Magician and actor Sam Lupton is happy to have achieved his ambition of performing on Chambers Street in the Old Town of Edinburgh, Adam House a four-storey neo-classical building which rises above the “old city,” the catacomb of vaults and passages which run beneath much of that part of the city, supposedly haunted and serving as a ghoulish tourist attraction all year-round.
Quoting Nietzsche and Lovecraft, that “fear is the mother of morality,” “the most basic form of human emotion,” Lupton recounts his own early experiences of fear and suggests that we are all obsessed with it, going on to present for his more enlightened audience examples of what would have thrilled and terrified the more credulous attendees of a séance in the Victorian era, the height of spiritualism.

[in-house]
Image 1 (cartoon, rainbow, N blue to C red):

The stage set simply, with three small tables carrying a bell, a book and a candle, the items used to conduct an excommunication though this is never referred to, the opening of Séance: Live is inauspicious, Lupton already on stage in a crumpled t-shirt as he ruffles through the envelopes containing cards the audience have kindly filled in, creating neither a sense of occasion nor the impression that the demonstrations, impressive though they sometimes are, will be undertaken in laboratory conditions.
A member of the audience selected, along with “Sarah, invisible spirit child” she assists in feats where Lupton demonstrates psychic abilities requiring a low burden of evidence, and the evening is scattershot rather than structured with digressions into the story of Mister Splitfoot and the Fox Sisters and Edinburgh’s own alleged history of ghostly apparitions, but with a finale where the host abandons rather than astounds his audience the only thing which can be regarded as proven is the eagerness of the masses to believe the fantastical.
Séance: Live runs at Gilded Balloon on Chambers Street until Sunday 27th August